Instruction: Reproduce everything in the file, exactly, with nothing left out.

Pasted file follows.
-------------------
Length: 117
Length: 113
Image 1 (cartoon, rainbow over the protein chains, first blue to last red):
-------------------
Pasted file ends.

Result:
Length: 117
Length: 113
Image 1 (cartoon, rainbow over the protein chains, first blue to last red):